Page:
November 11, 2010
Today I got another boots on the ground perspective of Thailand’s professional, high quality private healthcare system.
I was accompanying a friend of mine this afternoon to the Pattaya branch of Bangkok Hospital, a private chain with five locations across the country. Bangkok Hospital is accredited by JCI, a private, non-profit organization that serves as the gold standard for hospital certifications.
JCI tests just about everything– the professional credentials of staff physicians, how prepared the hospital is for emergency weather conditions, how quickly patients are treated, depth and management of the pharmacy, environmental protection policies, safeguarding of patient privacy, maintenance schedule of hospital equipment, etc.
In short, a JCI accreditation provides an independent assessment that a foreign hospital’s standards of quality and care are consistent with the developed world. Bangkok Hospital certainly doesn’t fail to make the grade.
Walking into the main lobby at the Pattaya branch is like walking into a luxury 5-star hotel– marble floors, gourmet coffee, and a reception staff that’s more like a crew of highly trained concierges. Within moments, you’re sped along to the appropriate clinic and greeted with welcoming efficiency by a team of staff nurses.
There’s very little paperwork at the hospital– you tell them your name, sign-in, and they take you straight to the triage room for blood pressure and weight check. Afterwards, you barely have time to open up the newspaper before they call your name again to go meet with the doctor.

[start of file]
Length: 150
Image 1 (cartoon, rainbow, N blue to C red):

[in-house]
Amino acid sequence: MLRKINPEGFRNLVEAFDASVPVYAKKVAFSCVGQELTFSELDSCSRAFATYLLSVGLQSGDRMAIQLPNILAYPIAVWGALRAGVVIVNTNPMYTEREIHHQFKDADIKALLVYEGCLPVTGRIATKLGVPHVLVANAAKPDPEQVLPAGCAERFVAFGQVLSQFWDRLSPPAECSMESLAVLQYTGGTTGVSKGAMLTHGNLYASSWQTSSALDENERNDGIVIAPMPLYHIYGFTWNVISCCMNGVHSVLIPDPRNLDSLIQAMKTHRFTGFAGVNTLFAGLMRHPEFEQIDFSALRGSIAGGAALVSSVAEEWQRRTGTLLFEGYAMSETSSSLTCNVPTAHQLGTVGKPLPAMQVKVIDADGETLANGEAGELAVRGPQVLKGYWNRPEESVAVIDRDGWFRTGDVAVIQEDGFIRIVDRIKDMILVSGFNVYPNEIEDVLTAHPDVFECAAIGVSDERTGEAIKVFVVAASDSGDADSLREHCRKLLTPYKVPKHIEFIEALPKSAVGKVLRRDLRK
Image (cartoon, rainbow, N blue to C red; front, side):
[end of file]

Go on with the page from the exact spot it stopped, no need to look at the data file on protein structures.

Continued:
The staff physicians at the hospital are mostly Thai, though many of them have been trained overseas. Everyone at the hospital (down to the elevator operator) speaks English, and most speak at least another language as well– German, Mandarin, Russian, and Arabic seem to be the most popular.
As I tend to strike up conversations with people a lot, I spoke with several expats at the hospital’s coffee shop while I was waiting for my friend. Each of them routinely comes to Thailand for various procedures, and they seem quite pleased with the treatment.
One woman I met has been back four times to the plastic surgery clinic, and another indicated that she gets annual cancer checkups after receiving treatment a few years ago at Bangkok Hospital. Another man receives periodic dialysis treatment for his diabetes.
All raved about the care, but most of all, the price. The whole point of medical tourism is being able to afford the price of an international flight, room and board in the country, and world class treatment for less than what you would have to pay just for treatment in your home country.
Bumrungrad International Hospital in Bangkok, another one of the country’s renowned medical facilities, has a great page on its website to estimate the total cost of many common procedures. For anyone without insurance or huge co-pays to deal with, I think this approach is definitely a solution worth considering.
===> PS– don’t forget to attend our teleconference/webinar next Tuesday, November 16th at 11am eastern time. We’ll be unveiling all the details of our upcoming offshore workshop in Panama (Feb 18-20, 2011).
The call-in instructions are:
Title: SovereignMan Panama Workshop Overview
Time: Tuesday, November 16th at 11:00am Eastern
Phone number: (630) 300-6276
Conference ID: 167274#
– or – webcast http://attendthisevent.com/?eventID=16005873